Being born in the early 1980s, I really missed out on that grand decade of acid-wash, cocaine cowboys, and mustaches.  Even though the early 1990s were simply an extension of the late 80s, I really wasn’t cognizant of what the 80s had to offer until I was much older.  Once a decade of ridicule, the 80s have come back in a big way.  Between styles that hipsters are co-opting for their own gain, the revival of new wave pop, and of course the film “Drive,” the 80s are back; at least in spirit of course.

Aside from the fashion, the 80s had no lack of action films.  For every “Die Hard” there was another “Surf Nazis Must Die.”  For every “Predator” there was a “Krull.”  The list goes on and on when it comes to cheesy 80s action films.  However, there was another constant in action films from the 80s; and that would be friendship.  From “Tango and Cash” to the bond between Riggs and Murtaugh in “Lethal Weapon,” where would the action genre be without a great friendship?  This brings me to the forgotten classic from 1987, “Miami Connection,” a study in how not to make a movie, but at the same time, the exact way every movie should be made.

“Miami Connection” is at heart a film about friends playing in an awesome band, “Dragon Sound,” practicing Tae-Kwon-Do, chasing girls on the beach, and helping one of their own find their long last father.  There’s a minor subplot about ninjas that sell cocaine, but never mind that…..because it makes NO SENSE!  If you’re going into “Connection” looking for anything that doesn’t fit a stereotype, you better return your VHS to your local Blockbuster Video.  However, if you want to experience the 1980s in all its glory there is no better way to celebrate the decade you’re either trying to relive or forget than with this masterpiece.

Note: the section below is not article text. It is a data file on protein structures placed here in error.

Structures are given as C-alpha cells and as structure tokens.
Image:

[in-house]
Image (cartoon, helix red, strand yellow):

The story behind “Connection” is nearly as entertaining as the film itself with star Y.K. Kim nearly bankrupting himself trying to make his masterwork  The Korean immigrant, and Tae-Kwon-Do master with no film experience whatsoever, decided to make a film, which at the time was considered a slap in the face to the industry, had to wait nearly 25 years to receive the credit that he thought he deserved back in 1987.  While that credit is entirely ironic, since “Connection” is really a schlock-fest cashing in films like “The Karate Kid,” any credit it better than no credit at all.

What sets “Connection” apart from other action dribble from the 80s is it’s earnest and sincere message.  Hell, during the closing credits a message pops up essentially saying “The only way to obtain world peace is through the elimination of violence;” a cheesy message that could only be said in decade that also introduced into our lexicon “Peace in the Middle East.”  I just love the irony that the only way to stop violence is with violence to start.  But hey, the day you’re in a pop-synth band playing the keytar shirt-less fighting cocaine-dealing ninjas from Miami, you might feel the need to be a little violent as well.

Bottom line, “Miami Connection” at heart, is a film about the bond of five orphans who are fed up with “stupid cocaine” looking for a friend’s long-lost father, while playing some awesome music and fighting ninjas in Orlando.  What could be better?  Well, a lot, but it wouldn’t be as rad as “Miami Connection.”

Fun Fact: The song “Friends” was used in the retro-grade spin-off to “Far Cry 3;” “Far Cry 3: Blood Dragon,” starring 80s hunk, Michael Biehn.

Also, make sure to check out Slaughter Film’s live “riff” of “Miami Connection” on September 6th at midnight (so technically, September 7th) through this link, Click here dummy!